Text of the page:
...and here's why. You will find White, Red, Yellow and Violet colored fire hydrants pretty much everywhere.  But there's a reason for this - and it's because of the National Fire Protection Association (NFPA).  This association has issued guidelines for color coding standards for fire hydrants.  These color codes from the body of the hydrant, top of the hydrant, and in some municipalities the outlet caps are designed to allow fire fighters to know what type of system, water flow rate (Gallons Per Minute or GPM), and level of water pressure.  This guideline is known as NFPA 291 and is intended to be used universally throughout the United States. The NFPA guidelines are specific to the body and the top cap of the hydrant.  If a hydrant is WHITE or YELLOW - it means that it is connected to a public/municipal water system.  If a hydrant is RED - the hydrant is connected to a private system, typically a well.  These are most common in rural or unincorporated areas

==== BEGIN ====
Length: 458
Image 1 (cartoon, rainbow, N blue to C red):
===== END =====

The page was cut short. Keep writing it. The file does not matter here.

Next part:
Phase 1 of the California State Route 132 West Expressway (in the making since 1947)